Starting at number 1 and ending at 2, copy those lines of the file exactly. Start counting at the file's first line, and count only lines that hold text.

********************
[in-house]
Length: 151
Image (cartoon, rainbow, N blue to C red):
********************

[in-house]
Length: 151